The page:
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Australian state government moving forward with plans for 17.7GW of new renewables, storage

first_img FacebookTwitterLinkedInEmailPrint分享Renew Economy:The NSW Coalition government has reaffirmed a commitment to an ambitious ramp-up of wind, solar and storage capacity in the state of up to 17,700MW as being key to the state’s path to achieving zero net emissions by 2050.In the Net Zero Plan Stage 1: 2020–2030 released on the weekend, the NSW government has detailed how the state government will work to leverage $2 billion in funds secured under a bilateral deal with the Morrison government to accelerate the deployment of the state’s first Renewable Energy Zone.The NSW government identified a set of core priorities for the next ten years of energy system development, at the centre of which is the deployment of “proven emissions reduction technologies,” which will see the state support increases in wind and solar generation as it deals with the looming exit of its coal generation fleet.As announced in January, the NSW government will seek to establish a 3,000MW pilot Renewable Energy Zone in the state’s central-west region, around the township of Dubbo. In its newly released Net Zero Plan, the NSW government outlines how it will also progress work to establish an additional two Renewable Energy Zones, based in the South-West and New England regions of the State, delivering up to a combined 17,700MW of new clean energy generation and storage capacity.The zones mirror those proposed by the Australian Energy Market Operator, and subsequently detailed in the NSW government’s Transmission Infrastructure Strategy, which identified the regions as having good access to high quality wind and solar resources, that could be coordinated with new investments in additional transmission network capacity. Coordinating these investments could work to avoid the grid connection challenges that are currently plaguing some regions within the National Electricity Market, particularly western Victoria which has seen projects delayed or curtailed to manage constraints within the local network infrastructure.[Michael Mazengarb]More: NSW clears path for 17GW wind, solar and storage capacity with new renewable zones Australian state government moving forward with plans for 17.7GW of new renewables, storagelast_img read more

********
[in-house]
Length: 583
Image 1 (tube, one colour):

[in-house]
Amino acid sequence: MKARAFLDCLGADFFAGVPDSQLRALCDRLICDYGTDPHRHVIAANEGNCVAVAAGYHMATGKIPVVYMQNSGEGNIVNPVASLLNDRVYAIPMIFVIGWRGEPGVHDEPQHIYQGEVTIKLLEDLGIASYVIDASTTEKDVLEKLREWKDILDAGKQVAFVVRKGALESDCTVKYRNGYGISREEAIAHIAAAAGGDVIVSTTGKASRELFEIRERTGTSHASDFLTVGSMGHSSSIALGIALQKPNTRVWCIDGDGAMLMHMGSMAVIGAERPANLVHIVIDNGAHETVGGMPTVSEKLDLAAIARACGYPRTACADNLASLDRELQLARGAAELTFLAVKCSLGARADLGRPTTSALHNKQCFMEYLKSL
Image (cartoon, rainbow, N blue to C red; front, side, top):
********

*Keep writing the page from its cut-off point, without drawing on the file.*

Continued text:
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One of Those Days…